> >> > Damien Broderick wrote:
> >> > > There might be
> >> > > certain kinds of truths, even the most important, which are
> inaccessible to
> >> > > scientific approaches, let alone to falsification tests.
> I should probably stress that I was *not* especially concerned with
> *religious* claims or experiences, although that was the context in which
> Eliezer's own claims arose. I was worried that a scientistic framework
> seemed to be advocated by Eliezer (and others), that is, a metaphysical
> framework which appeared to claim that truth is identifiable with
> falsifiable (a.k.a. publicly testable) knowledge. In its extreme
> form, this
> doctrine is logical positivism, a view in eclipse for some half a century
> after being beaten to a bloody pulp. Eliezer stated in response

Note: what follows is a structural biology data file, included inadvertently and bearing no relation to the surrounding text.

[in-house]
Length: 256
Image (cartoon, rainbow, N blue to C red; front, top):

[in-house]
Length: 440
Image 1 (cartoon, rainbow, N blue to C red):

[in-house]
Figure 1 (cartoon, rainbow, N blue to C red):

> that he was
> *not* proposing such an equation, but then went on as if he were.
> Some people, of course, will say rather that `truth' is a term appropriate
> only to deductions from premises which themselves are simply
> asserted--although perhaps grounded in experience--which would make `true'
> isomorphic with `valid'. I find this, too, absurdly constricting.
> Damien Broderick
This is very interesting. What, in your opinion, does good epistomology
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